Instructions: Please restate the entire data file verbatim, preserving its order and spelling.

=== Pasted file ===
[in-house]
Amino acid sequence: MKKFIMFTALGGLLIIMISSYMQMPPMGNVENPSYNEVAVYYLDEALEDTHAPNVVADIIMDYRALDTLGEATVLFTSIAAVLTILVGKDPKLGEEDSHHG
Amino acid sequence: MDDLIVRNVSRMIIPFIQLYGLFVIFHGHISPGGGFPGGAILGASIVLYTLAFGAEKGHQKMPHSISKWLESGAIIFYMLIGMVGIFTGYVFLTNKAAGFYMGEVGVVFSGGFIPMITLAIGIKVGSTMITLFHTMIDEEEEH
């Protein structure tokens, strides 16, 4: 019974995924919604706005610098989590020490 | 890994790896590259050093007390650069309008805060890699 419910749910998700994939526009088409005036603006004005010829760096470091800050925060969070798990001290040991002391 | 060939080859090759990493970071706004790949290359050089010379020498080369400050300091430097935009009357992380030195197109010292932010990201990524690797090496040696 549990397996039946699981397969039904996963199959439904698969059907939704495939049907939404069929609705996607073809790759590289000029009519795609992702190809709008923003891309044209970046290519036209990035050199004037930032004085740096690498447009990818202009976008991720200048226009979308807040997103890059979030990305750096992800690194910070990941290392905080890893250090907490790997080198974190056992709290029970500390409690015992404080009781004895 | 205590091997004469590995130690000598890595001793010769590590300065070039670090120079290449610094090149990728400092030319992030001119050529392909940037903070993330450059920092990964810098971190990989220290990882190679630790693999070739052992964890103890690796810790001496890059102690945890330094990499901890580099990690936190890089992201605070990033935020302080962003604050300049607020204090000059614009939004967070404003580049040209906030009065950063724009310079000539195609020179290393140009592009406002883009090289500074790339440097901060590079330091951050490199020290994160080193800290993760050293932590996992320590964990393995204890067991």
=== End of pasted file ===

[in-house]
Amino acid sequence: MKKFIMFTALGGLLIIMISSYMQMPPMGNVENPSYNEVAVYYLDEALEDTHAPNVVADIIMDYRALDTLGEATVLFTSIAAVLTILVGKDPKLGEEDSHHG
Amino acid sequence: MDDLIVRNVSRMIIPFIQLYGLFVIFHGHISPGGGFPGGAILGASIVLYTLAFGAEKGHQKMPHSISKWLESGAIIFYMLIGMVGIFTGYVFLTNKAAGFYMGEVGVVFSGGFIPMITLAIGIKVGSTMITLFHTMIDEEEEH
């Protein structure tokens, strides 16, 4: 019974995924919604706005610098989590020490 | 890994790896590259050093007390650069309008805060890699 419910749910998700994939526009088409005036603006004005010829760096470091800050925060969070798990001290040991002391 | 060939080859090759990493970071706004790949290359050089010379020498080369400050300091430097935009009357992380030195197109010292932010990201990524690797090496040696 549990397996039946699981397969039904996963199959439904698969059907939704495939049907939404069929609705996607073809790759590289000029009519795609992702190809709008923003891309044209970046290519036209990035050199004037930032004085740096690498447009990818202009976008991720200048226009979308807040997103890059979030990305750096992800690194910070990941290392905080890893250090907490790997080198974190056992709290029970500390409690015992404080009781004895 | 205590091997004469590995130690000598890595001793010769590590300065070039670090120079290449610094090149990728400092030319992030001119050529392909940037903070993330450059920092990964810098971190990989220290990882190679630790693999070739052992964890103890690796810790001496890059102690945890330094990499901890580099990690936190890089992201605070990033935020302080962003604050300049607020204090000059614009939004967070404003580049040209906030009065950063724009310079000539195609020179290393140009592009406002883009090289500074790339440097901060590079330091951050490199020290994160080193800290993760050293932590996992320590964990393995204890067991």